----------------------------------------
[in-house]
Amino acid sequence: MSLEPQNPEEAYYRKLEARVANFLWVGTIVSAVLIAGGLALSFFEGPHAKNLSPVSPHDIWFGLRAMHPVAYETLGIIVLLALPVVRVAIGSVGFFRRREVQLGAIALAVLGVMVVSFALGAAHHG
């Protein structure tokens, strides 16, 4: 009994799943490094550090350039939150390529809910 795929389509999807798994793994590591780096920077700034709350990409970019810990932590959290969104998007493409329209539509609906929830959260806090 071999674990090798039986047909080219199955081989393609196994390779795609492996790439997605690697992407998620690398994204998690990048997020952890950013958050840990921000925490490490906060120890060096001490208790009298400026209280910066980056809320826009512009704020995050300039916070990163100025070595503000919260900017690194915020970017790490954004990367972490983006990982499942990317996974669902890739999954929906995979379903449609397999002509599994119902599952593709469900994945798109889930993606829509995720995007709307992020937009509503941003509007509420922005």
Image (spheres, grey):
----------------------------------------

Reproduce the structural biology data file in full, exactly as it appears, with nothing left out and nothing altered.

[in-house]
Amino acid sequence: MSLEPQNPEEAYYRKLEARVANFLWVGTIVSAVLIAGGLALSFFEGPHAKNLSPVSPHDIWFGLRAMHPVAYETLGIIVLLALPVVRVAIGSVGFFRRREVQLGAIALAVLGVMVVSFALGAAHHG
């Protein structure tokens, strides 16, 4: 009994799943490094550090350039939150390529809910 795929389509999807798994793994590591780096920077700034709350990409970019810990932590959290969104998007493409329209539509609906929830959260806090 071999674990090798039986047909080219199955081989393609196994390779795609492996790439997605690697992407998620690398994204998690990048997020952890950013958050840990921000925490490490906060120890060096001490208790009298400026209280910066980056809320826009512009704020995050300039916070990163100025070595503000919260900017690194915020970017790490954004990367972490983006990982499942990317996974669902890739999954929906995979379903449609397999002509599994119902599952593709469900994945798109889930993606829509995720995007709307992020937009509503941003509007509420922005």
Image (spheres, grey):